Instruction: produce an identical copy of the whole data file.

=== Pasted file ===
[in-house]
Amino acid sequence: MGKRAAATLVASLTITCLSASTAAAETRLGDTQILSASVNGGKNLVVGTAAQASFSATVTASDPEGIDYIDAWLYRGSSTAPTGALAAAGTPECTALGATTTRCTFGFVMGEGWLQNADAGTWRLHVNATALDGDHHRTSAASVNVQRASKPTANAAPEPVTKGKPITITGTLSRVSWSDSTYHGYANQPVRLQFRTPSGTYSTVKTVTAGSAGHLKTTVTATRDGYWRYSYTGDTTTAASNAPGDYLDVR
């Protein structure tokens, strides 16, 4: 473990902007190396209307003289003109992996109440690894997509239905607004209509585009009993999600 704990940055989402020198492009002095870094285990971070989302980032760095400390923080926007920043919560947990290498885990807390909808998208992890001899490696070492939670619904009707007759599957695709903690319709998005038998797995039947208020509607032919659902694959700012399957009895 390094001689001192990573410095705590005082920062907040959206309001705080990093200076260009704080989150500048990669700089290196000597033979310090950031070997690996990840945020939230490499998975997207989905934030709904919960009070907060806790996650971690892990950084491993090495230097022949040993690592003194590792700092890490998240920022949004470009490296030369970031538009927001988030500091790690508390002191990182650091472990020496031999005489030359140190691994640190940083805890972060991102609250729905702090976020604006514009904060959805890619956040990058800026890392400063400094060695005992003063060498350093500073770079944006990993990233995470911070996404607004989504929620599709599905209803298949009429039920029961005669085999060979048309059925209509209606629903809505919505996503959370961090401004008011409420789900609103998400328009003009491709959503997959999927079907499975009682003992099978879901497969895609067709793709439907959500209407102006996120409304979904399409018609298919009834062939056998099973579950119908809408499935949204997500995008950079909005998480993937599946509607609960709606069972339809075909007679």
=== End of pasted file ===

[in-house]
Amino acid sequence: MGKRAAATLVASLTITCLSASTAAAETRLGDTQILSASVNGGKNLVVGTAAQASFSATVTASDPEGIDYIDAWLYRGSSTAPTGALAAAGTPECTALGATTTRCTFGFVMGEGWLQNADAGTWRLHVNATALDGDHHRTSAASVNVQRASKPTANAAPEPVTKGKPITITGTLSRVSWSDSTYHGYANQPVRLQFRTPSGTYSTVKTVTAGSAGHLKTTVTATRDGYWRYSYTGDTTTAASNAPGDYLDVR
């Protein structure tokens, strides 16, 4: 473990902007190396209307003289003109992996109440690894997509239905607004209509585009009993999600 704990940055989402020198492009002095870094285990971070989302980032760095400390923080926007920043919560947990290498885990807390909808998208992890001899490696070492939670619904009707007759599957695709903690319709998005038998797995039947208020509607032919659902694959700012399957009895 390094001689001192990573410095705590005082920062907040959206309001705080990093200076260009704080989150500048990669700089290196000597033979310090950031070997690996990840945020939230490499998975997207989905934030709904919960009070907060806790996650971690892990950084491993090495230097022949040993690592003194590792700092890490998240920022949004470009490296030369970031538009927001988030500091790690508390002191990182650091472990020496031999005489030359140190691994640190940083805890972060991102609250729905702090976020604006514009904060959805890619956040990058800026890392400063400094060695005992003063060498350093500073770079944006990993990233995470911070996404607004989504929620599709599905209803298949009429039920029961005669085999060979048309059925209509209606629903809505919505996503959370961090401004008011409420789900609103998400328009003009491709959503997959999927079907499975009682003992099978879901497969895609067709793709439907959500209407102006996120409304979904399409018609298919009834062939056998099973579950119908809408499935949204997500995008950079909005998480993937599946509607609960709606069972339809075909007679």